Thirdly, Richard assumes that abstracts that were resolved by reconciliation or a third rater had "the same error rate".  This is a stretch. If both raters agreed in the end, then there is less likely to be an "error". If a third person came in and, in the light of the two prior ratings made a call, then equally there is less likely to be an "error".

That means that Richard's assumed "implication" that 0.6% of all 12,000 or so papers were "incorrectly rated" is flawed. His calculations put an upper limit on the number of ratings that could be in "error" - not an absolute definitive number. Even then it's stretching to say they are in "error". It would be more correct to say the abstract may not make it clear to which category they belong.


...to a flawed analogy: Researchers are thermometers


Ridiculous Richard gets even more ridiculous, lurching from one failed analogy to another. He wrote at the Guardian:
At other times, Cook claims that the raters are not interviewees but interviewers.
The 97% consensus paper rests on yet another claim: the raters are incidental, it is the rated papers that matter. If you measure temperature, you make sure that your thermometers are all properly and consistently calibrated. Unfortunately, although he does have the data, Cook does not test whether the raters judge the same paper in the same way.

He's obviously doubling down on his "abstracts got tired" meme. What Richard's now arguing is that researchers are thermometers. In his analogy it's the abstracts that are the thermometers. The researchers would be the people who report the temperature displayed on the thermometers.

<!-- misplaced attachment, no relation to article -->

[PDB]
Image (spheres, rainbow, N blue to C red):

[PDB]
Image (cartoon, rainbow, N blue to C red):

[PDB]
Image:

Scientific consensus is irrelevant - every bit of research has to go back to first principles

I'll just comment on one more bit of idiocy from Ridiculous Richard. He claims that:
Consensus is irrelevant in science. There are plenty of examples in history where everyone agreed and everyone was wrong. Cook’s consensus is also irrelevant in policy. They try to show that climate change is real and human-made. It is does not follow whether and by how much greenhouse gas emissions should be reduced.

Consensus is hardly irrelevant. If it were then knowledge could never be built upon or added to. Every bit of research would first have to go back and "prove" the knowledge on which it was built. Imagine if a virologist had to "prove" the existence and role of DNA and RNA before being able to publish a new paper on virology. Imagine if every astronomer had to "prove" that earth existed within a larger universe before writing up research on black holes.